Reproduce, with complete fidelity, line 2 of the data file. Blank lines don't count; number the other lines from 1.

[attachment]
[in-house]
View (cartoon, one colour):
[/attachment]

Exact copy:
View (cartoon, one colour):